In The News: Department of History
Las Vegas has been known, unfairly, for blowing up its past. We’ve lost some buildings we wish could have been preserved. But most of the more recent losses have been confined to the resort corridor. One of the hotels to topple was the Landmark. Tearing it down was quick. Building it was a story unto itself, as was its opening, fifty years ago this past July.
We’ll be marking a couple of centennials this year, but one of them is looking back at how Nevada reacted in 1919 to things that happened in 1917 and 1918. You heard that right.
Few things in life are certain. But here's one of them:
“Well, there's no question that President Trump is going to be our nominee in 2020,” says Nevada GOP spokesperson Keith Schipper.
The Me Too movement sent shock waves through all kinds of industries from politics to entertainment with high-profile cases bringing down well-known and extremely powerful men.
California has the toughest gun control laws in the country and only continues to tighten them. But its efforts are undermined by a more permissive approach in other states, including the three that border California.
UNLV students are taking advantage of a unique opportunity — to do some history detective work. It’s being done as part of UNLV’s Public History program
It was at the beginning of a shift at Harrods that Georgia Brown told her manager where to go. Brown, then aged 22, was working for a temp agency that supplied shop assistants to the department store. She cannot remember the name of the manager. But she does remember why she lost her cool: she had had enough of being forced to wear heels on the job.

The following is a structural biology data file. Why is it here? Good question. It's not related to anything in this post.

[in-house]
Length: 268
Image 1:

“Heel shoes are a symbol of female oppression,” said Professor Mary Beard last week to Manola Blahnika, a renowned luxury shoe manufacturer, whose brand was especially famous for Carrie Bradshaw from Sex in the City. While not everyone may identify with the professor's assertion, the fact remains that if heels do not have to go to work, why it should be women's responsibility, Sirin Kale says in an article mapping this growing displeasure and titled Why should I have to work on stilts ?: the women fighting sexist dress codes . "Women are often the victims of working dresscodes, even if they don't have to wear a uniform," she writes.
About 100 years ago, women in their workplaces looked a little different from what they look like today. But many of the basic garments at the time of dressing to go to the office remain today.
The name switch, announced by SLS Las Vegas owner Alex Meruelo in late June, marks a return to the property's roots. First opened at the north end of the Strip as the Sahara in 1952, the 240-room hotel made its name with some legendary live entertainment, featuring headliners such as Louis Prima, Frank Sinatra and the Rat Pack, Judy Garland, Lena Horne, Jack Benny, Tony Bennett, George Carlin, Liza Minnelli and Barbra Streisand, who graced the Sahara's stage in the property's heyday.
Reasons for such rebranding efforts through the years vary widely. Among other motivations, they have occurred because of disappointing numbers on the casino floor or in room booking, new owners seeking to put their own stamp on a property and marketing initiatives to reflect and better compete in the contemporary landscape.
Mel Wolzinger died recently at age ninety-eight. That suggests he led a good, long life, and he did. He was active to the end. And it’s a loss to our history. Indeed, he made history.